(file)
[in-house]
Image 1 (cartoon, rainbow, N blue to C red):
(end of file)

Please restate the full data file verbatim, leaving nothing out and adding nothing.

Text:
[in-house]
Image 1 (cartoon, rainbow, N blue to C red):